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decided: February 17, 1976.


Appeal from the Order of the Workmen's Compensation Appeal Board in case of Betty J. Worley, w/o Carl A. v. Melron Industries, Inc., No. A-68897.


Patricia L. Kotchek, with her Richard P. Nuffort, and Geisenberger, Zimmerman, Pfannebecker & Gibbel, for appellant.

W. Jeffrey Sidebottom, with him Barley, Snyder, Cooper & Mueller, and James N. Diefenderfer, for appellees.

Judges Crumlish, Jr., Rogers and Blatt, sitting as a panel of three. Opinion by Judge Rogers.

Author: Rogers

[ 23 Pa. Commw. Page 358]

The husband of the appellant, Betty J. Worley, was killed in a work-related accident and she was awarded workmen's compensation death benefits for herself and on behalf of her two children by Worley on November 5, 1971.*fn1

In October 1971, Lester Dull, a man married to another, took up residence with the appellant and her children in the appellant's mobile home. Mrs. Worley and Dull cohabited and a child was born to them in March 1973. From time to time each provided the other with financial support.

In August 1973, the late Mr. Worley's employer filed a petition to terminate the workmen's compensation benefits

[ 23 Pa. Commw. Page 359]

    it was required to pay to Mrs. Worley because she was living with Dull "in meretricious relationship and not married." Section 307 of the Workmen's Compensation Act, Act of June 2, 1915, P.L. 736, as amended, 77 P.S. ยง 562, after directing the payment of benefits to widows, widowers and other dependents, and for the cessation of benefits to dependents who should remarry, provides:

"Provided, however, That if, upon investigation and hearing, it shall be ascertained that the widow or widower is living with a man or woman, as the case may be, in meretricious relationship and not married, or the widow living a life of prostitution, the board may order the termination of compensation payable to such widow or widower. If the compensation payable under this section to any person shall, for any cause, cease, the compensation to the remaining persons entitled thereunder shall thereafter be the same as would have been payable to them had they been the only persons entitled to compensation at the time of the death of the deceased."

A referee, after hearing, denied the prayer of the petition, concluding on the basis of an exploration of the Latin root of the word meretricious that the relationship of Mrs. Worley and Dull was merely a "practical, pragmatic relationship in which claimant and Mr. Dull find themselves placed due to circumstances beyond their control," apparently because of Dull's marital status. The Workmen's Compensation Appeal Board disagreed with the referee, reversed his action and ordered that Mrs. Worley's compensation be suspended while she continued to live with Dull. We agree with the Board's determination and affirm.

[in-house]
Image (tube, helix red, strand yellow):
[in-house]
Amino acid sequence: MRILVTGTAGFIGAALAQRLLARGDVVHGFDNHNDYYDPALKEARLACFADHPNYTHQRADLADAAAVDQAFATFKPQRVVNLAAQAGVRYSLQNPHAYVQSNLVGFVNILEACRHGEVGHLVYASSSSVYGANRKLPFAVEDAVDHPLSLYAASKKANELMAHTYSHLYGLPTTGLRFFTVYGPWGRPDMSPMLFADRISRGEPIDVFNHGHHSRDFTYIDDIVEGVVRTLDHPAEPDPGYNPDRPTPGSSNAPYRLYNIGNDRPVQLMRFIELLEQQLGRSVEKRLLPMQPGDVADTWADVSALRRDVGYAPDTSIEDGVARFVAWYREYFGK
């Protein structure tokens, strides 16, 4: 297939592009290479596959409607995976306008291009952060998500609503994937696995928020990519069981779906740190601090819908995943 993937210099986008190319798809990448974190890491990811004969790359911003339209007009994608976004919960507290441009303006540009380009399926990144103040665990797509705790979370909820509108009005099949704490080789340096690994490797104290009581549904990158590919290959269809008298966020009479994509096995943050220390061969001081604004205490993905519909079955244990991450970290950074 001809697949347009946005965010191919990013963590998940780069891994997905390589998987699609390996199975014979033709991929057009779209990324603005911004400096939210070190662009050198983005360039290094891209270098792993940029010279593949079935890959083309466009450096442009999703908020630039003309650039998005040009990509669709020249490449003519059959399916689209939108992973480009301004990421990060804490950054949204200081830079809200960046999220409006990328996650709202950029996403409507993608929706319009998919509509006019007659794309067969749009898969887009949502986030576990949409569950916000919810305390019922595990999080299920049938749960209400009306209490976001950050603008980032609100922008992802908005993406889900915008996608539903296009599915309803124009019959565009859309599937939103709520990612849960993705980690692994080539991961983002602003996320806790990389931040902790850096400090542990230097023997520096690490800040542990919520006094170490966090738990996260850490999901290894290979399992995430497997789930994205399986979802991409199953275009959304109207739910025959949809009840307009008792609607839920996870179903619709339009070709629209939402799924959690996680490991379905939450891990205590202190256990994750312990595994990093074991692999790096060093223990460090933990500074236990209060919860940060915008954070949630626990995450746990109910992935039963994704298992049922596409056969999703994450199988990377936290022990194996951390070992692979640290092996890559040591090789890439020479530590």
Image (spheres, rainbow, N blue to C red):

The appellant urges upon us a definition of the word meretricious as used in Section 307 which would limit its application to instances where unmarried persons not only cohabit but additionally purport or hold themselves

[ 23 Pa. Commw. Page 360]

    out to be married. She says that since she and Dull make no pretense of being married, their relationship is not meretricious. This contention suggests that the Legislature intended to discriminate in favor of persons who flout the marriage convention and against those who confer upon it the respect of feigned observance. We prefer to believe that the Legislature, as we, find truth in La Rochefoucauld's familiar epigram that hypocrisy is the homage that vice pays to virtue.

It may be a tribute to the imagination of counsel, that there appears to be no precedent for the appellant's thesis. The statement that in cases where the issue was whether a common law marriage existed courts have used the term meretricious to describe only irregular relationships purported to be regular is unfounded. We have reread those cases and find that the word is used to describe the condition of men and women living together both with and without pretense of marriage. See, for example, Kiska v. C.H. Ziegenfuss Co., Inc., 154 Pa. Superior Ct. 100, 35 A.2d 532 (1943); Wolford v. Whiterock Quarries, Inc., 144 Pa. Superior Ct. 577, 20 A.2d 887 (1941); Pegee v. Ricchini, 140 Pa. Superior Ct. 56, 12 A.2d 830 (1940).

The appellant's further argument that she should not be deprived of benefits because recent amendments to the Pennsylvania criminal statutes have abolished the crimes of adultery and fornication is also without merit. Section 307 authorizes the Board to disqualify persons living in meretricious relationships and not married without reference to criminality. The appellant's argument in this respect seems to imply that Section 307 simply benightedly and anachronistically punishes conduct once distasteful to the Legislature now no longer a legitimate concern of the State. On the contrary, we view the provision as having the purpose of establishing equality of treatment to persons disqualified by remarriage on

[ 23 Pa. Commw. Page 361]

    the one hand with persons who would live with persons of another gender without marriage on the other.

The appellant's final argument is that the Board abused the discretion conferred on it by Section 307's use of the phrase "the board may order . . . termination." We disagree. Whatever equities exist in the appellant's case were recognized by the Board's action of suspending rather than terminating benefits -- an action not contested by the employer.


And Now, this 17th day of February, 1976, it is Ordered that the appeal of Betty J. Worley be and it is hereby dismissed and that the decision of the Workmen's Compensation Appeal Board be and it is affirmed.



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